10. Ensuring the results are statistically significant and clinically important: In conventional terms, these results are statistically significant as the p value is < 0.05 (The last row in the forest plot tests the overall effects and reveals the actual p value to be 0.04; indicating that one can be 96% certain that the difference in the effects of the two drugs is not due to chance). From a clinical perspective, an RR of 0.70 means that drug A reduces the risk of death by 30%, and while we think this is the actual estimate of relative risk reduction (RRR), the upper and lower limits of the CI of the estimate suggests that the risk of death could be reduced by as much as 50%, or as little as 1%. If the higher estimate were true, this would be even better than what we think the estimate is, but if it were the lower estimate, then the clinical usefulness of drug A over drug B in averting 1% fewer deaths is less encouraging, given that 51 (6%) of people given drug A in the five trials died versus 72 (8%) with drug B; unacceptably high rates of death with both drugs. If one evaluated the actual number of deaths averted with drug A (51/930) compared to drug B (72/928), the Absolute Risk Difference (ARR) is 0.0227; 95% CI 0.0001-0.0457. This indicates that drug A averted just two deaths out of 1000 people treated compared to 1000 people given drug B; and this could be as few as 1/1000 treated or as many as 5/1000 treated, again not very impressive achievements.
  11. This example highlights the importance of evaluating effect sizes such as the RR and 95% CI, rather than only rely on p values < 0.05 to denote that the differences in the results are significant. The p value will continue to be < 0.05, even if the RR was 0.30, 95% CI 0.20 – 0.40; a result that is both statistically significant (both limits of the CI < 1), and clinically important (we estimate that drug A would reduce the risk of death by 70%, though it could be as low as 60% or as much as 80%). This example also emphasises the need to examine the absolute effects to understand the true benefits and harms of interventions, in addition to the more impressive relative estimates of effects.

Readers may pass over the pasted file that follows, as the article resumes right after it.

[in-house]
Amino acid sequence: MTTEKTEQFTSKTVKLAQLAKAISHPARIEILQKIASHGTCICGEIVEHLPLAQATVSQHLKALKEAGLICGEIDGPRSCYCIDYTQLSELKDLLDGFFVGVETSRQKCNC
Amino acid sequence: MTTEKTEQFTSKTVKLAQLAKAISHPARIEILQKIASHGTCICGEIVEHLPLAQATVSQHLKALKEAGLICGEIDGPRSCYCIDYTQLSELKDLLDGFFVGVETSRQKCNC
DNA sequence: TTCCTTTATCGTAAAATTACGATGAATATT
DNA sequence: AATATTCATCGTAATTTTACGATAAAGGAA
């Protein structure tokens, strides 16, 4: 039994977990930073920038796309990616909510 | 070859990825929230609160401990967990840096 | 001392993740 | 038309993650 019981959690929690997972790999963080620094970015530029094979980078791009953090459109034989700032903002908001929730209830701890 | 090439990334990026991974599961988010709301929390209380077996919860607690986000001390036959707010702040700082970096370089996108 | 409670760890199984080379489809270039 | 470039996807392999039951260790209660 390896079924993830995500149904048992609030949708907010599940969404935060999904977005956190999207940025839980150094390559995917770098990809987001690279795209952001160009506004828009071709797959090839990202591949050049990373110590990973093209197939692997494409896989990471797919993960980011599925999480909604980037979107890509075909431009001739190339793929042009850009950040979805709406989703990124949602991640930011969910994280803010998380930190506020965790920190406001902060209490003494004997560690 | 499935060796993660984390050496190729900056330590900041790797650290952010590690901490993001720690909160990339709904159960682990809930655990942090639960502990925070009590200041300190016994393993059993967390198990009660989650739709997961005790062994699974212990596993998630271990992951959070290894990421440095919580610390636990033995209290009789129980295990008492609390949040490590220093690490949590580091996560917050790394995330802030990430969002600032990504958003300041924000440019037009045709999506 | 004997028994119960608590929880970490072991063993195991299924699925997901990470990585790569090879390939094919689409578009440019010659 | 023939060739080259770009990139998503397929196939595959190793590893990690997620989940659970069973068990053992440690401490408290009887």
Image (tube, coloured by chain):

This example highlights the importance of evaluating effect sizes such as the RR and 95% CI, rather than only rely on p values < 0.05 to denote that the differences in the results are significant. The p value will continue to be < 0.05, even if the RR was 0.30, 95% CI 0.20 – 0.40; a result that is both statistically significant (both limits of the CI < 1), and clinically important (we estimate that drug A would reduce the risk of death by 70%, though it could be as low as 60% or as much as 80%). This example also emphasises the need to examine the absolute effects to understand the true benefits and harms of interventions, in addition to the more impressive relative estimates of effects.

  12. Detecting, quantifying, and explaining inconsistency in the results across studies: An oft-repeated criticism of meta-analysis is that combining the results of dissimilar trials is akin to mixing apples and oranges and is likely to yield no meaningful results (unless one is interested in fruit-salad!). If the effects are virtually identical in all trials in the meta-analysis, then confidence in the pooled weighted summary estimate as representing the average effect of the intervention versus the control is strengthened. If there is inconsistency in the direction, magnitude and precision of the effect estimates in meta-analyses, suggesting the intervention worked better in some trials than in others, confidence that the pooled estimate accurately describes the average effect of the intervention is diminished.